It’s more than just for money
As Xpert Michael Keating’s recent blog noted, state and local revenues are increasing, resulting in a better fiscal picture for many local governments. Yet at the same time, the number of public-private partnerships (PPPs) continues to grow, even with the improvements in local government budgets.
If the financial squeeze on cities and counties in lessening, why is the use of PPPs continuing to grow?
The answer is that it’s more than just the money from alternate sources that makes PPPs increasingly attractive. The backlog of maintenance and growth in populations creates a demand of projects that need to be done. These can still exceed the budgetary capabilities of many localities.
While partnerships can’t answer all of these challenges, the use of this innovative development tool can allows for some relief from budgetary constraints, in addition to provide a host of other benefits. And as a result more (that is, other projects as well) can be done to meet public needs.
While finances continue to be a factor in PPPs’ growth, what is more important is the growing number of successful PPPs that provide examples of innovative ways of meeting some of those needs. While the press often covers the billion dollar transportation projects, the number of smaller projects that have relevance to local needs are increasingly become better understood and known. The result is that there actually are more of these smaller projects (both in number of projects and total dollars involved). These projects can be schools, parking facilities, courthouses, hospitals, water/wastewater systems, or a wide range of other public buildings.
Many governments are now seeing the additional advantages of PPPs. One of the most notable is the transfer of construction risks to the private sector. Under the traditional procurement process of public design/bid/build, if construction problems occur, the risk is predominantly with the public sector and can be very costly.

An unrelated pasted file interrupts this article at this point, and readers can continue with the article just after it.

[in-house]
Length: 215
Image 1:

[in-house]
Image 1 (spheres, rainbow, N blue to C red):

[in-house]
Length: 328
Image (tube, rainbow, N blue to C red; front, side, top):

With a properly structured PPP, much of that risk is transferred to the private sector. We’ve all heard stories of cost overruns and delays with some projects done in the traditional design/bid/build approach (the most infamous being the “Big Dig” in Boston), but have you heard about successful completion (i.e. on time and under budget) of PPP projects? They’re out there but often not widely reported.
Another advantage is the innovative approaches that the private sector can bring to a particular project. Part of the development of a PPP is the competition for the design of a project. Often the private sector provides imaginative ways to more effectively meet the needs and performance goals of a given project (that’s part of the competitive process in partnership development bidding). Alternate sources of income, more cost effective use of available space, greater energy efficiency and ways of meeting a broader range of public needs can all come out of the PPP development process.
Unfortunately, there is not a national databank of those smaller projects. In future blogs I’ll touch on some of them and their innovative answers. In the meantime, let me know if you know of examples worth sharing with our broader audience – or have questions or comments.
Richard Norment served as the Executive Director of the National Council for Public-Private Partnerships (NCPPP) until his retirement in January, 2014, and now is an Independent Consultant for Public-Private Partnerships.